PYEONGCHANG, South Korea (Reuters) - South Korea’s “Iron Man”, Yun Sung-bin rocketed to the men’s skeleton gold on Friday and become the first athlete outside Europe or North America to win an Olympic sliding medal after dominating the event at the Pyeongchang Games.
“I just want to turn my phone off and go to sleep,” Yun told reporters after his historic win.
Yun, who won the hosts’ second gold of the Games, finished 1.63 seconds ahead of Nikita Tregubov, an Olympic Athlete from Russia, while Briton Dom Parsons took bronze after five-time world champion and Olympic silver medalist Martins Dukurs of Latvia made mistakes in his final run.
“I was gutted after that fourth run, I thought I’d binned it,” Parsons told Reuters. “Martins is one of the skeleton greats so I didn’t expect him to make a mistake on his last Olympic run but I was very lucky ... that he did.”
Parsons’ bronze was the first skeleton medal for a British male since 1948. British women, however, have been an ever constant on the podium since the sport was re-introduced to the Winter Olympics program in 2002.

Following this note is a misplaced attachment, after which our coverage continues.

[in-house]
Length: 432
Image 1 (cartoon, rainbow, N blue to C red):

Parsons had been standing next to Russian athlete Tregubov after Martin’s bad run put him into a podium position.
“He doesn’t speak very good English, so I was kind of turning to him like ‘did that really just happen?,” Parsons said.
“I still can’t really believe it”.
Yun, who races in an Iron Man-style helmet and red racing suit, has emerged as a Winter Olympics super hero for the host country, with excited crowds flocking to watch him compete.
The 23-year-old was by far the most consistent performer throughout the competition and headed into the decisive fourth and final run with a virtually unassailable lead of more than a second.
“I texted him last night and told him not to feel too much pressure,” said Kim Joon-ho, a childhood friend of Yun’s.
“He said he’ll do as usual,” said Kim.
With only a potential disaster to stop him from securing gold, “Iron Man” again delivered the fastest run down the ice and thundered over the finish line at over 125 kph in front of a euphoric home crowd where he took off his helmet and gave a deep bow on his hands and knees.
“I made a lot of effort to make it this far,” Yun said.
“I hope this could be the beginning of skeleton in Korea, not the end.”
Reporting by James Pearson and Jane Chung; Editing by Greg Stutchbury
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